[4] Dodd-Frank Wall Street Reform and Consumer Protection Act, Pub. L. No. 111-203, 124 Stat. 1376 (2010).

[5] “Municipal advisor” is defined in Section 15B(e)(4) of Exchange Act.

[6] See Section 15B(b)(2)(C) of the Exchange Act.

[7] “Municipal entity” is defined in Section 15B(e)(8) of the Exchange Act as “any State, political subdivision of a State, or municipal corporate instrumentality of a State, including - (A) any agency, authority, or instrumentality of the State, political subdivision, or municipal corporate instrumentality; (B) any plan, program, or pool of assets sponsored or established by the State, political subdivision, or municipal corporate instrumentality or any agency, authority, or instrumentality thereof; and (C) any other issuer of municipal securities.”

[8] MSRB Rule D-13 defines the term “municipal advisory activities” by reference to Section 15B(e)(4)(A) of the Exchange Act (i.e., (i) providing advice to municipal entities or obligated persons on municipal financial products or the issuance of municipal securities and (ii) solicitations of municipal entities on behalf of others).

Section 15B(e)(9) of the Exchange Act defines the term “solicitation of a municipal entity or obligated person” to mean: “a direct or indirect communication with a municipal entity or obligated person made by a person, for direct or indirect compensation, on behalf of a broker, dealer, municipal securities dealer, municipal advisor, or investment adviser (as defined in section 202 of the Investment Advisers Act of 1940) that does not control, is not controlled by, or is not under common control with the person undertaking such solicitation for the purpose of obtaining or retaining an engagement by a municipal entity or obligated person of a broker, dealer, municipal securities dealer, or municipal advisor for or in connection with municipal financial products, the issuance of municipal securities, or of an investment adviser to provide investment advisory services to or on behalf of a municipal entity.”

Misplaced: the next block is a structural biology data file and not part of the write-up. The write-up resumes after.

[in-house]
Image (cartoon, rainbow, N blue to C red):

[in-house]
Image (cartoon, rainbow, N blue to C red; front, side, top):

[9] See proposed Rule G-20(a).  The “municipal advisory activities” of the municipal advisor covered by the proposed amendments to Rule G-20(a) would include both advice provided to municipal entities and obligated persons and solicitations of municipal entities on behalf of third parties.  For example, the proposed rule amendments would apply to gifts and entertainment provided by a municipal advisor to employees of municipal entities and obligated persons for which the municipal advisor is providing advice or seeking to provide advisory services.  It would also apply to gifts and entertainment provided by a municipal advisor to employees of municipal entities being solicited by a municipal advisor to award business to a client of the municipal advisor (e.g., employees of a public pension fund who could influence the pension fund’s decision to award investment advisory business).  Even if a municipal advisor is not then engaging in any municipal advisory activities with a municipal entity or obligated person, a gift that could be reasonably viewed as an attempt by the municipal advisor to curry favor with a municipal entity or obligated person for the purpose of becoming engaged to undertake municipal advisory activities at some point in the future also would be covered by the provisions of proposed Rule G-20.

[10] See proposed Rule G-20(b).

[11] The written agreement must include the nature of the proposed services, the amount of the proposed compensation, and the written consent of such person’s employer.

[12] See proposed Rule G-20(c).

[13] See proposed Rule G-20(b).  Those gifts would be addressed, instead, by NASD Notice to Members 06-69 (December 2006), which the proposed rule change would make applicable to municipal advisors (“NASD Notice to Members 06-69”).